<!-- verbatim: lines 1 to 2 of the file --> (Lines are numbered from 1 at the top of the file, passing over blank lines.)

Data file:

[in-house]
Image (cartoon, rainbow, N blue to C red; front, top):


[in-house]
Image (cartoon, rainbow, N blue to C red; front, top):